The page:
Come visit me at http://teresawymore.com
[ THIS POST WAS FIRST POSTED ON KT GRANT’S BLOG AS “DISCOVERY” FOR HER FABULOUS 2014 LESBIAN APPRECIATION EVENT HERE ]
I planned to write a post on lesbian erotica and illustration, but I’m a parent, and that means dealing with children’s emotional issues as they arise. And what that means is my daughter discovered sex.
My daughter is a precocious 10-year old who already started her period. I was a late bloomer, so this alarms me, but her doctor assures me it’s normal. In any case, my daughter already spends a lot of time “alone.” Unlike her dad, I’m not uncomfortable with her maturity. I’m uncomfortable with the idea that she may spend these years trying to be what others want before she knows what she wants.
Like all parents, I draw on my own childhood to understand my kids. Looking back, I realize my abysmal early sex life was the result of being an intellectual girl coming of age in the 1970s. You may think that was the golden age of feminism, but you’d be wrong. That was the era of exploiting women in a new way. I learned early that I had to prove my independence and equality by making myself available to boys’ desires, not mine (whatever they were because no one asked, not even me). It wasn’t until the 1990s that feminism finally started sounding more like liberation when it said women should explore their own desires. That’s when I came out of the closet. That’s when I knew I was even IN a closet.
My daughter is coming of age in the new millennium–after the 1990s, after Xena and Buffy, after Hannah Montana traded sparkles for twerking. Sounds like liberation to me! Sadly, my daughter prefers the online horror of Creepypasta, a boy-centric genre with stories and videos about sadistic and demonic urban legends. Some of the better Creepypasta serves as a gateway to the kind of critical thinking transgressive fiction encourages. However, just like the heroic fantasies I loved at her age, only the boys in this genre possess angst and personal power. The girls are mostly hangers-on, fans who love their bad boys and are “loved” in return for their loyalty. Coded and occasionally blatant, masculine erotic power pervades these stories. Even in the stories that are not sexually explicit, we see that boys desire, girls are desired.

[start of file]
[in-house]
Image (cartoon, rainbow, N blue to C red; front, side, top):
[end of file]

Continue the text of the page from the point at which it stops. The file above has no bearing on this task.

It’s the same damn message I received in the ’70s!
But online horror fiction isn’t unique. Where are the mainstream stories about powerful girls; that is, girls with DESIRE? Yes, especially violent, angry girls, anti-heroines whose unfulfilled desires drive their tragic story with the kind of self-obsession only an adolescent brain sees as noble? Evil temptresses and manipulative girls with feminine wiles aren’t really powerful at all. If he doesn’t kill her, the masculine hero converts the feminine evil through her gender’s primary weakness: vanity. My daughter deserves to experience an evil (powerful) girl who doesn’t care how fucking pretty she is.
Where does this tie in to lesbian fiction? Only in lesbian fiction do I consistently find women who DESIRE. Through wanting (rather than being wanted), they drive the story with action not reaction. You may say your favorite mainstream novel has such women. Some do. But I challenge you to observe the language. Who is deciding and who is manipulating? Who is acting from ego and who from vanity? Who is self-made and who has family support?
In mainstream romance and erotic stories, who does and who is done to? It may seem a fact that physical differences alone make men the doers, but that’s not a fact. That’s a gendered convention. It may also seem like sex must lead to intercourse and that it should be described in visual language. Those are male preoccupations that have infected too many writers in this age of pornography. The variety of women’s sexuality is rarely represented in mainstream. In lesbian erotic stories you’ll find sex without orgasm, sex without penetration, orgasm without penetration, sex as kissing as stroking, sex as sound and touch rather than shape and size.
Straight romance resists the idea that women can desire, pursue, conquer, and possess men (without at some point “surrendering”). We want powerful women, but if we make them sexually dominant, we seem to have two choices: make the object of their desire other women or express their activity as a fetish (BDSM, FemDom). Maybe this says more about our expectations of men than women. Do we find objectified or weak men unattractive?
The mainstream YA my daughter’s friends read is abysmal (the notable exception is The Hunger Games, but it’s not romance). This is why I share some lesbian romance stories with her. I’m not sure how much they speak to her because she seems highly focused on boys. And she identifies with their independence, power, and heroism. Stories about boys are “just more interesting,” she tells me. I said that, too, when I was her age.
The wonderful thing about this new generation is they are growing up in a more diverse world with resources I never had. I’m hopeful she won’t find herself at 30 years old, divorced and discovering for the first time how much erotic desire shapes her life and how wrong that life has been because she never wondered if her desires were her own.